The centerpiece of this company's schedule is a series of 12 weeklong journeys that collectively span the continent from Puget Sound to Maine or Washington, D.C. Either tour can be done as a single, three-month adventure or in segments, the way some hikers tackle the Appalachian Trail. Other tours visit such destinations as the Oregon coast or Texas Hill Country. All are camping trips. Daily mileage: About 70. Group size: Up to 200. Meals: Provided by local churches or social clubs. Lodging: Group camping on school grounds and in parks. Prices: About $480 per week. Phone: 800/245-3263.

French Louisiana Bike Tours
Not surprisingly, FLBT specializes in Cajun country— cycling the back roads, sampling the food, cavorting in the dance halls. Run by the owners of a Lafayette outdoors store, FLBT has been offering about 10 bike trips a year since 1984. The most popular is the Cajun Music & Food Tour, which begins with a cooking lesson and includes Cajun or zydeco music every evening. Daily mileage: About 50. Group size: 12-18. Lodging: B&B's (and sometimes plantation houses). Meals: At the best available restaurant; a few are catered. Price: $950 for six-day tours. Phone: 800/458-4560.

Michigan Bicycle Touring
In business since 1978, MBT limits its tours to Michigan, a state that commands more freshwater shoreline than any other. Most of the 100-odd outings consist of weekends near Lake Michigan or Lake Superior, although five-day tours are also available. Some trips mix cycling with hiking or canoeing. Daily mileage: 15-65. Group size: 13-24. Lodging: B&B's, inns, historic hotels, ski lodges. Meals: Generally at the inn. Prices: From $255 for a two-day mountain-bike tour of the central Lower Peninsula to $949 for the five-day Mackinac Island tour. Phone: 616/263-5885.

Timberline Bicycle Tours
Timberline tours— primarily in the western United States, Canada, and Alaska— tend to be more challenging than the industry average. The company's Canadian Rockies trip, for example, also takes in a substantial portion of southern British Columbia, covering 640 miles in 10 days, with 18,000 to 20,000 feet of climbing. Even the standard Icefields Parkway tour has a twist: it crosses the Continental Divide twice to loop through Banff, Jasper, Kootenay, and Yoho national parks. Daily mileage: 55-75. Group size: 12-22. Lodging: Historic hotels, national park lodges, and inns; but good cycling comes first— meaning that in small towns, cyclists sometimes stay in ordinary motels. Meals: At the lodge or a nearby restaurant. Prices: From $795 for most five-day tours to $1,595 for most nine-day tours. Phone: 303/759-3804.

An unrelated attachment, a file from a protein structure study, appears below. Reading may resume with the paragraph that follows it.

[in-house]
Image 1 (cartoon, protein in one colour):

Vermont Bicycle Touring
The first inn-to-inn touring company— operating since 1972— VBT is still among the largest, with 500 tours to 52 destinations all over the world. The company started in Vermont and still focuses heavily on New England and the East Coast, but it has an increasing selection of offerings in the West as well. One recent addition is a tour of Santa Fe, Taos, and New Mexico's Enchanted Circle, with rafting on the Rio Grande. Daily mileage: 20-50. Group size: 15-20. Lodging: Country inns and small hotels. Meals: Either at the inn or at one of the nicer restaurants in town; usually ordered from a special menu. Prices: From $269 for a weekend in Vermont to $1,795 for six nights in Provence. Phone: 802/453-4811.


BRINGING YOUR BICYCLE
While you can rent a decent machine at such equipment-conscious destinations as Aspen and Monterey, good luck finding one elsewhere. Generally, you'll have to take your own wheels— which, when you're traveling on an airplane, can be expensive. On domestic flights, expect a round-trip fee of $90. Ironically, overseas flights often accept bikes at no extra cost, if they aren't too heavy.

One way to beat the charge is to join the League of American Bicyclists (800/288-2453; $35 per year) or the Adventure Cycling Association (406/721-1776; $28 yearly). Both have free-shipping deals with many airlines, provided you book your flight through their travel services. Or use UPS to ship straight to your departure point. If you travel a lot, you might consider buying the New World Tourist by Bike Friday ($1,183-$2,500); it folds into a case small enough for you to dodge the airlines' fee.

How you pack your bicycle depends on how much you trust the baggage handlers. The easiest— but riskiest— way is to use the boxes provided by some airlines ($10-$15). For greater protection, ask a bike store for one of the cartons used to ship new bicycles. These require more disassembly than airline boxes; consider paying the shop to do the job for you (but make sure you understand how to put your bike back together).

Richard A. Lovett has written two books about bicycle touring: The Essential Touring Cyclist and Freewheelin': A Solo Journey Across America (both from Ragged Mountain Press).